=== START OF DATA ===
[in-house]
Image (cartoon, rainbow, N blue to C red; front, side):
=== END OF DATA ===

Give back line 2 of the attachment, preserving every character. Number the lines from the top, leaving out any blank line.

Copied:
Image (cartoon, rainbow, N blue to C red; front, side):